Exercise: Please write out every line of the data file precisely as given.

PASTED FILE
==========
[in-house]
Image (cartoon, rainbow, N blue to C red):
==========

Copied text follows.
[in-house]
Image (cartoon, rainbow, N blue to C red):